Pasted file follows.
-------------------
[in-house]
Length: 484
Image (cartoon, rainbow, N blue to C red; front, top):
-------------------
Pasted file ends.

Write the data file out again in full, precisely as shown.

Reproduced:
[in-house]
Length: 484
Image (cartoon, rainbow, N blue to C red; front, top):